A nurse often connects program patients to an experienced resource specialist. The resource specialist can connect the patient to partners that provide non-clinical patient support. Support areas may include transportation, lodging, food, utilities, dental, and home safety, as well as facilitating access to community resources and disease-specific organizations that help overcome barriers to treatment.

The origins and causes of rare diseases can be difficult to identify and the clinical presentation and array of symptoms of the diseases are often different for each patient, which makes rare diseases difficult to diagnose. 

More than 30 million Americans are estimated to have a rare disease today, making for a lucrative market for biopharmaceutical companies to invest in developing and advancing novel therapies. Stakeholders across the system are looking for ways to drive innovation for these patients, as well as provide a benefit to pay for them. 

The stakes are high and so is the management of these conditions. A proactive, holistic approach should be integrated across health care providers, both at the pharmacy and medical level that helps improve patient experience and outcomes and reduce costs.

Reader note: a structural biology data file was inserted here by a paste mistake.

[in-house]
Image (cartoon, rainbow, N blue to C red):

About the Author
Brandeis Seymore earned her Bachelor of Science Pharmacy degree from the Duquesne University School of Pharmacy and is currently enrolled in the Master of Pharmacy Business Administration (MPBA) program at the University of Pittsburgh, a 12-month, executive-style graduate education program designed for working professionals striving to be tomorrow’s leaders in the business of medicines.  She has spent the past several years working as a senior clinical manager assisting employers with their pharmacy benefit management strategy. Prior to these experiences, she has held roles of increasing responsibility, most recently as a Strategic Account Executive to support client’s marketplace needs and demands.